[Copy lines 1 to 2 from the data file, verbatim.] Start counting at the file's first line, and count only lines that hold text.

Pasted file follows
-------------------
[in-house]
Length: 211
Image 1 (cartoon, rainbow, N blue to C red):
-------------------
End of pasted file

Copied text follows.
[in-house]
Length: 211